Vegans and protein - some myths debunked

Google the word vegan and one of the top results is '˜where do vegans get their protein from?'.'

Wednesday, 24th October 2018, 10:27 am
Updated Wednesday, 31st October 2018, 12:45 pm
Vegan bramble cheese cake from Stem + Glory

Thursday, November 1 marks world vegan day and November is world vegan month.

The Vegan Society describes veganism as ‘a way of living which seeks to exclude, as far as is possible and practicable, all forms of exploitation of, and cruelty to, animals for food, clothing or any other purpose’. This means they do not eat anything related to animals be that dairy, eggs, honey, meat and fish and have a plant-based diet. They also do not wear or have products using leather or are tested on animals.

One of the common questions a vegan is asked is where they get their protein from?

Louise and her dogs

With that question in mind Louise Palmer-Masterson, founder of multiple award-winning restaurant Stem + Glory, debunks some of the myths surrounding vegans and protein.

“In truth, everything we eat has a protein element to it. So, as long as your plant-based diet is varied, it will most likely contain all the protein you need, including the full spectrum of amino acids.

“Almost every food source contains an element of protein - including all vegetables. Peas, kale, broccoli, mushrooms, asparagus are particularly good protein sources as, of course, are beans, lentils, nuts and seeds.

“Animal-based proteins contain all nine essential amino acids, which makes them complete proteins, but it is not actually necessary to eat one food that contains everything. Combining plant foods results in complete protein and gives exactly the same result nutritionally.”

Vegan roast dinner from Stem + Glory

What are the essential amino acids we need?

“These are histidine, isoleucine, leucine, lysine, methionine, phenylalanine, threonine, tryptophan and valine. To give some examples of successful combining, grains are lacking in lysine, beans are high in lysine therefore combining these two foods gives a perfect amino acid balance.

“So, grains and legumes are therefore known as complementary proteins. ‘Rice and beans’ is fairly commonly known as a complete meal. But lesser known is that nuts and seeds together with legumes are also complementary proteins. So, let’s hear it for hummus, this vegan staple is a complete protein - chickpea (legume) + tahini (sesame seed).

“You don’t need to eat your full spectrum of amino acids at the same meal. The liver can store essential amino acids, so as long as you eat a varied, plant-based diet that regularly includes all the aminos, you’ll be getting everything you need.

“Some plant sources are actually already complete proteins - soy, quinoa, chia, hemp and amaranth - but rather than focus on just those, it is far better to simply eat a combination of vegetables and plant proteins.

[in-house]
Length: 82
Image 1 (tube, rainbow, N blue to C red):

“Bear in mind that meat eaters and lacto vegetarians eat vegetables, legumes and grains too, so it is kind of irrelevant that their proteins are complete.”

How much protein do we need to eat daily?

“In the western world we eat far too much protein – which is actually detrimental to health and wellbeing. Men should get 56 grams and women need 46 grams of protein daily. Most people eat almost double this.

“Your average pork chop contains approximately 20g of protein. This is exactly the same amount of protein as 1/2 cup tofu, or 1 cup cooked beans. Add your tofu or beans to vegetables, a sprinkling of seeds or nuts and you’ll be up to more than 30g - over half your RDA. In fact, it is actually easy for vegans to eat more than their RDA of protein without even trying. In the course of trying to ‘get enough protein’ many vegans are actually getting more than they need.

“I am a firm believer in fresh, tasty plant-based foods with a decent proportion served raw, with a sprinkling of nuts or seeds at every meal is the way forward. If you like tofu and tempeh then great, if not then beans and lentils are great too. If you don’t like either then you’ll probably get enough from vegetables, grains, nuts and seeds.”

What happens if you eat too much protein?

“Eating too much protein is a factor in weight gain since surplus turns to fat and we are generally far too protein-focused. Protein deficiency is rarely seen in affluent populations, and generally only seen in populations where ALL food is scarce.

“Simply put, where food is abundant, all people, regardless of their dietary choices, will be getting more than enough protein, and all the aminos they need.”

For more on Stem + Glory, visit

For more on Vegan Society,